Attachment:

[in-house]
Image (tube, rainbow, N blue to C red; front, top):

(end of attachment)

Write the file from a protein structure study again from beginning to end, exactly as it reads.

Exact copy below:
[in-house]
Image (tube, rainbow, N blue to C red; front, top):